# Homework Help: Conservation of energy

1. Oct 28, 2013

### oneplusone

1. The problem statement, all variables and given/known data

A 2 kg ball is attached to the bottom end of a length of fishline with a breaking strength of 44.5 N. The top end of the fishline is held stationary. The ball is released from rest with the line taut and horizontal (theta = 90 degrees). At what angle theta (measured w/vertical) will the fishline break?

2. Relevant equations

none i can think of

3. The attempt at a solution

$$F=\dfrac{mv^2}{l}$$ where l is the length of the wire. then from conservation:

$$mgh = \dfrac{1}{2}mv^2$$

$$mg(l \sin \theta) = \dfrac{1}{2} ( F\cdot l)$$

$$F = 2mg\sin \theta = 44.5$$

Which is incorrect as sin theta must be < 1.

2. Oct 28, 2013

### rock.freak667

At the angle θ, what would be the components of the forces radially and tangentially and in what direction would the tension T act?

After that, how would you find the centripetal force in terms of these forces?

3. Oct 29, 2013

### oneplusone

Sorry I still can't get it with your information. Any other hints/solution?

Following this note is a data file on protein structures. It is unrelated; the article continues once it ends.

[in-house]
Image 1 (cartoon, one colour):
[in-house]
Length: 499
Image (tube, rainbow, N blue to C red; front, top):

4. Oct 29, 2013

### Hollumber

Account for the weight opposing tension force.

(At the bottom, Fnet = 2mg = Tension - mg(weight), so max tension would have to = 60N for the line to never break.)

5. Oct 29, 2013

### Staff: Mentor

- You have sine and cosine reversed; note that θ is measured from the vertical.
- What you call F is the radial component of the net force on the ball, not the tension in the string.

Draw a free body diagram of the forces on the ball.

6. Oct 29, 2013

### oneplusone

Oops, is this correct now:

$$F=T-mg\cos\theta \implies T-mg\cos\theta = \dfrac{mv^2}{l}$$
Where l is the length of the line.

$$mgh = \dfrac{1}{2}mv^2\implies mg(l\cos\theta) = \dfrac{1}{2}(T-mg\cos\theta)\cdot l$$

$$2\cdot 9.8\cos\theta = \dfrac{1}{2}(44.5-2\cdot 9.8\cdot\cos\theta)$$

$$\theta = 40.82^{\circ}$$